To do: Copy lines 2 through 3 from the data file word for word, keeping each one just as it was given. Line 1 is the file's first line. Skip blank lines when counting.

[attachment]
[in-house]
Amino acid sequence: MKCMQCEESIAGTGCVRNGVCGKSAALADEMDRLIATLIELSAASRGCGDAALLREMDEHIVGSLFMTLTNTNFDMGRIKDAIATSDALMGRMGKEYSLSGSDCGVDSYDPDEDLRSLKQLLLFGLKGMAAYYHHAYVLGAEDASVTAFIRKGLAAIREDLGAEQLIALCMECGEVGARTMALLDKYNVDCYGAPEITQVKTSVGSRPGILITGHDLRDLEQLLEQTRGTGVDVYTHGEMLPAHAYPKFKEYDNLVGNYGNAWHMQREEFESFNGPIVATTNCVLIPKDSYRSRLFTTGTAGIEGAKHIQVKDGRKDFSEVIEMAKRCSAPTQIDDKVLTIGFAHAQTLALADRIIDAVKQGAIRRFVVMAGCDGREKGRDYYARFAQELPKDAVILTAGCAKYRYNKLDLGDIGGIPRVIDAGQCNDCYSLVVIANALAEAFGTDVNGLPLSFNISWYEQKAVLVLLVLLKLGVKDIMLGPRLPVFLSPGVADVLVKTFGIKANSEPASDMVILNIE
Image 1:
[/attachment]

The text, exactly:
Amino acid sequence: MKCMQCEESIAGTGCVRNGVCGKSAALADEMDRLIATLIELSAASRGCGDAALLREMDEHIVGSLFMTLTNTNFDMGRIKDAIATSDALMGRMGKEYSLSGSDCGVDSYDPDEDLRSLKQLLLFGLKGMAAYYHHAYVLGAEDASVTAFIRKGLAAIREDLGAEQLIALCMECGEVGARTMALLDKYNVDCYGAPEITQVKTSVGSRPGILITGHDLRDLEQLLEQTRGTGVDVYTHGEMLPAHAYPKFKEYDNLVGNYGNAWHMQREEFESFNGPIVATTNCVLIPKDSYRSRLFTTGTAGIEGAKHIQVKDGRKDFSEVIEMAKRCSAPTQIDDKVLTIGFAHAQTLALADRIIDAVKQGAIRRFVVMAGCDGREKGRDYYARFAQELPKDAVILTAGCAKYRYNKLDLGDIGGIPRVIDAGQCNDCYSLVVIANALAEAFGTDVNGLPLSFNISWYEQKAVLVLLVLLKLGVKDIMLGPRLPVFLSPGVADVLVKTFGIKANSEPASDMVILNIE
Image 1: